Takeda Pharmaceutical Co and Affymax are celebrating after getting the green light from regulators in the USA for their anaemia drug Omontys.

The US Food and Drug Administration has approved Omontys (peginesatide) for the treatment of anaemia due to chronic kidney disease (CKD) in adults on dialysis. The thumbs-up was expected given that at the end of last year, the agency's Oncologic Drugs Advisory Committee voted 15 to one in favour of the synthetic, pegylated peptidic compound that acts as an erythropoiesis stimulating agent, the same class as Amgen’s treatments Aranesp (darbepoetin alfa) and Epogen (epoetin alfa) and Johnson & Johnson's Procrit/Eprex (epoetin alfa).

The FDA’s decision is based primarily on two Phase III studies which compared Omontys dosed once monthly, compared to epoetin dosed between one-to-three times per week in maintaining haemoglobin levels in anaemic CKD patients on dialysis. The late-stage programme was also the first to compare head-to-head the cardiovascular safety of different ESAs.

Noting that the studies showed Omontys was as safe and effective as epoetin, Richard Pazdur, director of the Office of Hematology and Oncology Products in the FDA’s Center for Drug Evaluation and Research, noted that the drug is "represents the first new FDA-approved and marketed ESA for this condition since 2001”. He added that it offers "patients and health care providers the convenience of receiving ESA therapy just once per month instead of more frequent injections".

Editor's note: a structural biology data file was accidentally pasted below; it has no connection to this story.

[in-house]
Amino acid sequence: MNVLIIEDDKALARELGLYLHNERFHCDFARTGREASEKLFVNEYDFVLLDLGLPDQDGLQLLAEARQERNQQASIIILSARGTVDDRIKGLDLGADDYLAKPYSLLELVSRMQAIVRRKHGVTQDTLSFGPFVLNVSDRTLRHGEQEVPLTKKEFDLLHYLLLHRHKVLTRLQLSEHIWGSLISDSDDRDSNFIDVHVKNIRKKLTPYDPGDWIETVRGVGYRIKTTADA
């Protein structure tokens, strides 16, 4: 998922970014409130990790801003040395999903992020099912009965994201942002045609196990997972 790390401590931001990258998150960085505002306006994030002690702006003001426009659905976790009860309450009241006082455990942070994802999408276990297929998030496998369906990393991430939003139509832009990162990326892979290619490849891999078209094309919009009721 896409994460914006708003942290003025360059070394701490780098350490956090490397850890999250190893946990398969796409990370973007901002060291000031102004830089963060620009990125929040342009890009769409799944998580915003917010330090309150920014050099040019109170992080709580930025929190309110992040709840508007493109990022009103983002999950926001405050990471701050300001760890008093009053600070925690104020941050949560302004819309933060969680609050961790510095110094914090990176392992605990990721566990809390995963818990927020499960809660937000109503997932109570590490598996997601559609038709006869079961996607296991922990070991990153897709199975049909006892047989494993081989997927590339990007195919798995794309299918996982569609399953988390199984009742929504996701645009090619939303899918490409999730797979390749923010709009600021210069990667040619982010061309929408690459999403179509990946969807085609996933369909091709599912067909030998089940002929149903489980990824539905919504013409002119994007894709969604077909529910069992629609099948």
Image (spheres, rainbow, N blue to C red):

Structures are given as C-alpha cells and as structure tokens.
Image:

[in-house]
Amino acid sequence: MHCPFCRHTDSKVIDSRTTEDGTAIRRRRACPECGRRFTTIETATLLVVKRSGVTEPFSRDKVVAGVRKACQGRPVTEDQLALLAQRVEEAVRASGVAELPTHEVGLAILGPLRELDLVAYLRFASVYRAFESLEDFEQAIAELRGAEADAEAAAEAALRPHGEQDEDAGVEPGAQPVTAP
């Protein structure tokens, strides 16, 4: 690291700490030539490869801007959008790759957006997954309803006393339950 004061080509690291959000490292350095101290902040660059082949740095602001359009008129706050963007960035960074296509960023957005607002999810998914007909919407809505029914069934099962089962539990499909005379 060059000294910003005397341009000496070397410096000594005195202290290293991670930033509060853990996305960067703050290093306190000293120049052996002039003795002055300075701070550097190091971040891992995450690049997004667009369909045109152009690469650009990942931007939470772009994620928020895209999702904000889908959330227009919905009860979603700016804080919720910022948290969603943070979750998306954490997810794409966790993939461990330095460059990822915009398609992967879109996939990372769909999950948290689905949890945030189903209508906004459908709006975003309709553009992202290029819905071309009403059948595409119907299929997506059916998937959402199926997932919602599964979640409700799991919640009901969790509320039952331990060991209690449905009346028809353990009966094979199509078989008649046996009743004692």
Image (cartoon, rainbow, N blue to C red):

The agency has approved Omontys with a risk evaluation and mitigation strategy, and asked for an observational study and a randomised controlled trial to be completed with final reports submitted in 2018 and 2019, respectively. The studies will evaluate cardiovascular safety and long-term use in adults on dialysis.

In addition, the post-marketing commitment includes the initiation of paediatric studies with target dates for completion between 2016 and 2027. John Orwin, Affymax chief executive, noted that "for over two decades, doctors have relied primarily on one erythropoietin-based treatment in the dialysis setting. With Omontys, doctors and patients will have access to a once-monthly alternative".